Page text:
• Ethics. PLOS ONE will not publish research on specimens that were obtained without necessary permission or were illegally exported.

Find detailed instructions for submitting reports describing paleontology and archaeology research in the Manuscript Guidelines.

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Methods, Software, Database, and Tools Papers

PLOS ONE will consider submissions that present new methods, software, or databases as the primary focus of the manuscript if they meet the following criteria:

  • Utility. The tool must be of use to the community and must present a proven advantage over existing alternatives, where applicable. Recapitulation of existing methods, software, or databases is not useful and will not be considered for publication. Combining data and/or functionalities from other sources may be acceptable, but simpler instances (i.e. presenting a subset of an already existing database) may not be considered. For software, databases, and online tools, the long-term utility should also be discussed, as relevant. This discussion may include maintenance, the potential for future growth, and the stability of the hosting, as applicable.

  • Validation. Submissions presenting methods, software, databases, or tools must demonstrate that the new tool achieves its intended purpose. If similar options already exist, the submitted manuscript must demonstrate that the new tool is an improvement over existing options in some way. This requirement may be met by including a proof-of-principle experiment or analysis; if this is not possible, a discussion of the possible applications and some preliminary analysis may be sufficient.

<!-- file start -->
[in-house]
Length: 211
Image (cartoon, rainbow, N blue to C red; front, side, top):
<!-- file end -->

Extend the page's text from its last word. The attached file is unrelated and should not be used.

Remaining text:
• Availability. Software should be open source, deposited in an appropriate archive, and conform to the Open Source Definition. Databases must be open-access and hosted somewhere publicly accessible, and any software used to generate a database should also be open source. If relevant, databases should be open for appropriate deposition of additional data. Dependency on commercial software such as Mathematica and MATLAB does not preclude a paper from consideration, although complete open source solutions are preferred. Authors should provide a direct link to the deposited software or the database hosting site from within the paper.
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Dual Use Research of Concern

"Dual use research of concern" is defined by the NSABB (National Science Advisory Board for Biosecurity) as any "biological research with legitimate scientific purpose that may be misused to pose a biologic threat to public health and/or national security." PLOS ONE is committed to the widespread dissemination of research while being sensitive to the issues of responsible publication standards. We expect that the potential risks of publishing a scientific paper will outweigh the benefits in only the rarest circumstances. On occasion, PLOS ONE reserves the right to consider manuscript submissions within this context. In addition to the usual scientific scrutiny, such submissions may also be referred to an internal PLOS Dual Use Committee for further deliberation. Authors submitting to PLOS ONE are obligated to disclose potential bioethics/dual use concerns to the journal office at the time of initial submission.